Theatre News

Industry leaders urge retention of higher theatre tax relief rates – warning that the number of productions on stages will drop

The importance of the rate on UK theatre’s health was highlighted in a major study

David Tennant and Cush Jumbo, © Marc Brenner

The Society of London Theatre (SOLT) and UK Theatre today released the results of a survey highlighting the success of the higher rate of Theatre Tax Relief (TTR) – which is set to be gradually removed from next April.

Introduced in 2021, the higher rate has played a pivotal role in bolstering the theatre sector’s recovery from the pandemic, mitigating the challenges of rising costs through tax relief.

According to respondents, the current TTR rates have facilitated larger-scale productions, with many producing more shows than would have been possible at a lower rate. This increase in production has led to the creation of nearly 15,000 jobs in the sector, allowing theatres to employ more people and stimulate economic growth – with theatres also bolstering business for local hospitality and transport.

Further insights from the study highlighted how the higher rate of TTR has empowered theatres to present bolder productions and invest in talent pipelines, ensuring a diverse range of voices and stories are represented on stage.

Shows that benefitted from the TTR rate included Charlie and the Chocolate Factory, which has toured across the nation, the WhatsOnStage Award-winning Guys and Dolls, and Mark Gatiss’ A Christmas Carol. Furthermore, it has facilitated investment in research and development, leading to innovative productions like Donmar Warehouse’s hit adaptation of Macbeth starring David Tennant and Cush Jumbo, pictured above.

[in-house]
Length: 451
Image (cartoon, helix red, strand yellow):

The current higher rate of TTR (45/50 per cent) is currently set to be tapered off from April 2025, with an interim rate for a year before the figure drops to 20/25 per cent in 2026.

Without the higher rate, the survey has stated that there will be a significant reduction in the number of productions and playing weeks planned for 2026 – a loss of almost a third in total.

Claire Walker, co-chief executive of SOLT and UK Theatre, stressed the importance of retaining the higher rate of TTR: “The higher rate of TTR is a highly effective economic stimulus, enabling the sector to take risks and be bold. Our research shows that losing the higher rate will lead to fewer and smaller productions, which in turn means fewer jobs and a smaller contribution to local and national economies. That’s why we urge the government to retain the higher rate, which is fundamental to the success and growth of our world class theatre sector, and which will enable our members to continue to deliver enormous benefits throughout the UK.”

Eleanor Lloyd, president of Society of London Theatre, added: “The higher rate of tax relief directly enables the creation of groundbreaking productions, the hiring of more talent, and brings exhilarating live shows to audiences. It is a fundamental enabler of the UK’s world-leading theatre, which simultaneously grows the economy and delivers transformative social good to communities across the country.”